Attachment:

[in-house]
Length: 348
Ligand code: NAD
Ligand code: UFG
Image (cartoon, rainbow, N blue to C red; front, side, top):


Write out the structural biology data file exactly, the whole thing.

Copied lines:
[in-house]
Length: 348
Ligand code: NAD
Ligand code: UFG
Image (cartoon, rainbow, N blue to C red; front, side, top):